Your Essential Guide to HIV Testing and Diagnosis

Rapid HIV tests resting in their holders
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When referring to the diagnostic tests used for HIV, we often take that to mean the ubiquitous HIV test—or the test used to confirm whether or not an infection has taken place.

In fact, there are a number of different tests that are used in the detection, treatment, and management of HIV, all of which can tell us

  • whether we are HIV-negative or HIV-positive;
  • which drugs would be most effective for us as individuals;
  • how effectively we are responding to therapy:
  • if any drug side effects are developing, and;
  • whether we're developing resistance to our HIV drugs.

The importance of HIV testing has arguably never been greater. Today, it is estimated that of 1.2 million Americans living with HIV, a staggering 20 to 25 percent remain undiagnosed, while fewer than one in four are able to maintain an undetectable viral load vital to treatment success.

It is important, therefore, to understand what each of the tests entails, what the results actually mean, and how they apply to you as an individual, whether you are HIV-positive or not.

1. Who Should Get an HIV Test (and When)?

It used to be that HIV testing was recommended only for those identified as being "at risk." In April 2013, all of that changed when the U.S. Preventive Services Task Force issued recommendations that all persons between the ages of 15 and 65 be screened for HIV as part of a routine doctor visit.

2. What Is the Preferred Method for HIV Testing in the U.S.?

On June 27, 2014, the Centers for Disease Control and Prevention (CDC) recommended a new strategy for HIV testing using 4th generation combination assays able to detect HIV infection up to four weeks earlier than current antibody-based tests. Rather than relying solely on the detection of HIV antibodies (i.e., the defensive proteins produced in response to HIV), these combination assays are able to detect both antibodies and antigens.

3. What Are Your HIV Testing Options?

Today, there a number of HIV testing options ranging from so-called "point-of-care" tests performed at a health facility to in-home rapid tests that provide you results in as little as 20 minutes. Learn how each of these tests are performed, what their limitations are, and how they may be (or may not be) appropriate for you as an individual.

4. How Confidential Is HIV Testing?

Breach of confidentiality is often cited as the most salient reason for avoiding HIV testing among low-income, at-risk Americans. Despite laws designed to protect an individual’s health information, there still remains confusion as to where medical privacy begins and ends. Learn what your legal rights are and what you can do if you find that your privacy has been breached.

5. How Often Do False Positives and False Negatives Occur?

Although the rate of false positive and false negative HIV test results is low, they do sometimes occur. Learn why these anomalies occur, which tests are more prone to inaccurate results, and what you should know to ensure you get the most accurate results possible.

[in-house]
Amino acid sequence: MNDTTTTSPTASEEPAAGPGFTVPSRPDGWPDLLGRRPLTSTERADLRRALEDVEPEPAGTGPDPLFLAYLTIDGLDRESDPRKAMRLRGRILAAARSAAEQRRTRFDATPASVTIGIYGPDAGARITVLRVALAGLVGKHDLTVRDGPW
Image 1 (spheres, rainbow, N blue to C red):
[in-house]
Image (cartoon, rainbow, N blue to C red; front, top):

6. How Accurate Are In-Home HIV Tests?

According to the FDA, the OraQuick Rapid In-Home Test is not only safe and easy-to-use but offers a sensitivity and specificity of roughly 95 percent—slightly less than the 99.3 percent and 99.8 percent seen with clinic-based tests. However, unlike point-of-care tests, the in-home version is known to have a false negative rate of around 7 percent, meaning that one out of every 12 tests will deliver an incorrect "all clear" sign.

7. What Does CD4 Count and Viral Load Mean?

In their most basic terms, the CD4 count measures the strength of a person’s immune function, while the viral load measures the amount of virus in a person’s body. Learn what these values actually they tell us, how they relate to each other, and how proper monitoring can prevent the premature "virologic failure" of individuals on HIV therapy.

8. How Often Should You Get Your CD4 and Viral Load Tested?

With the increased efficacy of modern antiretroviral therapy (ART), the emphasis should no longer be placed on using CD4 counts as the measure of ART success. According to guidelines issued by the U.S. Department of Health and Human Services (DHHS) on May 1, 2014, viral loads should alone be used to determine this, while CD4 counts may in some cases be considered optional.

9. What Do Your Routine Blood Tests Mean?

When is a person is diagnosed with HIV, regular blood tests are performed as a course of therapy. These tests can be predictive of a developing infection or measure the person's response to the drugs themselves—detecting or even preventing side effects that sometimes occur. Learn what these tests mean and how, by understanding a few key values, you can better participate in the on-going management of your HIV.

10. What Are Genetic Resistance and Tropism Tests?

There are tests frequently used to determine whether a person is a candidate for a certain type drug therapy and/or what types of drug resistance have developed in the person’s so-called "viral pool." By performing these tests, doctors can effectively tailor the therapy to the individual, ensuring treatment durability and optimal treatment results.